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I was perfectly pleased sipping Sprout’s Afternoon Delight (fernet, basil, fennel, yum)—until I tasted the shandy: vodka, hard cider and truffle honey syrup, finished by a zillion lemon slices floating in the glass like little rays of sunshine. They brightened the drink and my mood, which always improves when I can pretend it’s summer. $9. Photo: Brendan Lekan
Apparently, whiskey is undesirable at brunching hours, when clear spirits rule. C-House comes to the rescue by offering its dinner drinks at brunch, too. Bourbon (softened by a cinnamon-vanilla-cherry infusion), amaretto and sweet vermouth go down just as smoothly as they did the night before. $13. Photo: Brendan Lekan
Longman doesn’t so much twist as tug this classic cocktail into something that’s better suited for the early hours, subbing mellow Aperol for Campari, introducing effervescence with prosecco and shoving gin out of the picture. $8. Photo: Brendan Lekan
Combining a mimosa, Bloody Mary, Bellini and margarita into one cocktail sounds like an idea we would have proclaimed genius the night before brunch. Yet talented bartenders make this concept work, producing a “bastardized” cocktail that’s fruity (orange juice), aromatic (basil) and doused with just enough tequila to make us want another. $9. Photo: Brendan Lekan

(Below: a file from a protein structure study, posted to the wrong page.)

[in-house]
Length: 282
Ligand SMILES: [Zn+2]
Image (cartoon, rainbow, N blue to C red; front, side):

The cumin salt rimming this cucumber-laced tequila drink will smack any hangover to the curb. Though it’s the hoja santa, or “sacred leaf,” that’s the stuff of legend, says Tad Carducci, part of the New York duo that crafted Mercadito’s cocktail list: According to Mexican lore, Mary dried Jesus’s diapers on the plant. Here, bartenders make it into a syrup to add an herbal finish to each sip. $11.50. Photo: Brendan Lekan
A $6 cocktail? I watched Perennial’s bartender to see if he was pouring from a premade pitcher. Nope. He attended to each glass as if it were his firstborn, blending vodka and housemade pear puree (ingredients change often) with precision. This might be the best booze deal in town. $6. Photo: Brendan Lekan